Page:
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Forage availability for moose of young silver birch and Scots pine

Kalén, Christer LU and Bergquist, J (2004) In Forest Ecology and Management 187(2-3). p.149-158
Abstract
Forestry in Sweden suffers from browsing damage caused by large herbivores, mainly moose (Alces alces) and roe deer (Capreolus capreolus). Silviculture affects the availability of forage for these animals, and thus the browsing pressure. A step towards modeling the response of trees or to predict browsing damage is to gain more knowledge on the availability of food in forest stands. Individual gap-models are a genre of computer models widely used in studying forest dynamics. Since few of these models include browsing effects, however, they are of limited use for evaluating the effects that silvicultural strategies have on forage availability and browsing damage. The aim of this study was to collect data useful in developing a model for... (More)
Forestry in Sweden suffers from browsing damage caused by large herbivores, mainly moose (Alces alces) and roe deer (Capreolus capreolus). Silviculture affects the availability of forage for these animals, and thus the browsing pressure. A step towards modeling the response of trees or to predict browsing damage is to gain more knowledge on the availability of food in forest stands. Individual gap-models are a genre of computer models widely used in studying forest dynamics. Since few of these models include browsing effects, however, they are of limited use for evaluating the effects that silvicultural strategies have on forage availability and browsing damage. The aim of this study was to collect data useful in developing a model for describing the amounts of biomass of young birch (Betula pendula) and pine (Pinus sylvestris) trees available to moose. Birch and pines trees were harvested and were divided into different biomass fractions (leaves and twigs of different diameters). The distribution of leaf/needle and twig biomass in the crown was recorded by dividing the trees into sections. The results showed the distribution of the crown biomass to be best described by a sinusoidal model. On average, the model described 79 and 86% (pine and birch, respectively) of the variation in the different fractions. A significant relationship was found between the basal area and the amounts of both leaves and twigs of the different fractions. The biomass available for consumption increased with tree height up to a maximum of 0.6 and 1.0 kg per tree (pine and birch, respectively), 4 m in height. The correlations obtained can be used for introducing browsing into existing gap-models. (C) 2003 Elsevier B.V All rights reserved. (Less)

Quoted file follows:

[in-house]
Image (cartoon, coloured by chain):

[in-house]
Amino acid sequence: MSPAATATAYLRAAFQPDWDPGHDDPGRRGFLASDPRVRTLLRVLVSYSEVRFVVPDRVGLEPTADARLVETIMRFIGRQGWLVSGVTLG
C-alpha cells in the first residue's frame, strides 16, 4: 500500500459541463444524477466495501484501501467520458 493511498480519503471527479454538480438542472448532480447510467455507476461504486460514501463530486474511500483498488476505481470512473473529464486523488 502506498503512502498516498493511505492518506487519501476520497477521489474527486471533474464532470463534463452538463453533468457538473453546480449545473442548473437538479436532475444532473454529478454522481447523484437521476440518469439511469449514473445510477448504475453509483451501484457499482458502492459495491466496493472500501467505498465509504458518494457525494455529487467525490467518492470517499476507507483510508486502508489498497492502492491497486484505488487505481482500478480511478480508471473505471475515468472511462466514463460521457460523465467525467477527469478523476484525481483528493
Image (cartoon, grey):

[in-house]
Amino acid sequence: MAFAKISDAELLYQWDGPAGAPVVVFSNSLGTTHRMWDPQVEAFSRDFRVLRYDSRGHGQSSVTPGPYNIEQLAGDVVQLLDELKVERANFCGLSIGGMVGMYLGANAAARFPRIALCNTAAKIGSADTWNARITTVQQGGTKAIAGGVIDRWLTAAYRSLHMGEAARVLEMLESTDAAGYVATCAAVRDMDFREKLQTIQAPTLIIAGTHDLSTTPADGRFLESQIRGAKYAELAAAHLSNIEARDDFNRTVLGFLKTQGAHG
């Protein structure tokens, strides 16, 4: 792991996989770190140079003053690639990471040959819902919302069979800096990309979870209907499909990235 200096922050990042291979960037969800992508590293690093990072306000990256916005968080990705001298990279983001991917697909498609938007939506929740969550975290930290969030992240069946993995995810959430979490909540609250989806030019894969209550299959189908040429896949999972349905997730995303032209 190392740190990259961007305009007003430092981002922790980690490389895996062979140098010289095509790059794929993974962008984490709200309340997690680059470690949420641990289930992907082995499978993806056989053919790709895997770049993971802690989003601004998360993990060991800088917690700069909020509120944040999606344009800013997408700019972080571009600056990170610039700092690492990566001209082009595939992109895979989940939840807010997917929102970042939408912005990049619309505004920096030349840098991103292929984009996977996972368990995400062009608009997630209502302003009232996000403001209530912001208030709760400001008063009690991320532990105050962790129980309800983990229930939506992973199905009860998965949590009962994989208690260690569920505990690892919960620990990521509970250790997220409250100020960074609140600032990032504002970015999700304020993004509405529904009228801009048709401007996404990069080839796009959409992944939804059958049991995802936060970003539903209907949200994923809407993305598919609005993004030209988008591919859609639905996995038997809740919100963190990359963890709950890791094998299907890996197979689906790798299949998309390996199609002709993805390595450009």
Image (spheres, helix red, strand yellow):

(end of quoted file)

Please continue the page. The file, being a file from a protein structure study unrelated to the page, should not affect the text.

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author
organization
publishing date
type
Contribution to journal
publication status
published
subject
in
Forest Ecology and Management
volume
187
issue
2-3
pages
149 - 158
publisher
Elsevier
external identifiers
  • wos:000187914900002
  • scopus:0347950031
ISSN
1872-7042
DOI
10.1016/S0378-1127(03)00316-5
language
English
LU publication?
yes
id
77be35a3-50b6-43f2-8867-2edf1d560c2f (old id 137562)
date added to LUP
2007-07-02 11:51:15
date last changed
2017-01-01 07:07:54
@article{77be35a3-50b6-43f2-8867-2edf1d560c2f,
  abstract     = {Forestry in Sweden suffers from browsing damage caused by large herbivores, mainly moose (Alces alces) and roe deer (Capreolus capreolus). Silviculture affects the availability of forage for these animals, and thus the browsing pressure. A step towards modeling the response of trees or to predict browsing damage is to gain more knowledge on the availability of food in forest stands. Individual gap-models are a genre of computer models widely used in studying forest dynamics. Since few of these models include browsing effects, however, they are of limited use for evaluating the effects that silvicultural strategies have on forage availability and browsing damage. The aim of this study was to collect data useful in developing a model for describing the amounts of biomass of young birch (Betula pendula) and pine (Pinus sylvestris) trees available to moose. Birch and pines trees were harvested and were divided into different biomass fractions (leaves and twigs of different diameters). The distribution of leaf/needle and twig biomass in the crown was recorded by dividing the trees into sections. The results showed the distribution of the crown biomass to be best described by a sinusoidal model. On average, the model described 79 and 86% (pine and birch, respectively) of the variation in the different fractions. A significant relationship was found between the basal area and the amounts of both leaves and twigs of the different fractions. The biomass available for consumption increased with tree height up to a maximum of 0.6 and 1.0 kg per tree (pine and birch, respectively), 4 m in height. The correlations obtained can be used for introducing browsing into existing gap-models. (C) 2003 Elsevier B.V All rights reserved.},
  author       = {Kalén, Christer and Bergquist, J},
  issn         = {1872-7042},
  language     = {eng},
  number       = {2-3},
  pages        = {149--158},
  publisher    = {Elsevier},
  series       = {Forest Ecology and Management},
  title        = {Forage availability for moose of young silver birch and Scots pine},
  url          = {http://dx.doi.org/10.1016/S0378-1127(03)00316-5},
  volume       = {187},
  year         = {2004},
}